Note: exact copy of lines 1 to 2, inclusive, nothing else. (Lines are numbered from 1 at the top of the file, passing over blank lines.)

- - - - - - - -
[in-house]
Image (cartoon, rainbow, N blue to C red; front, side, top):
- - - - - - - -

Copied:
[in-house]
Image (cartoon, rainbow, N blue to C red; front, side, top):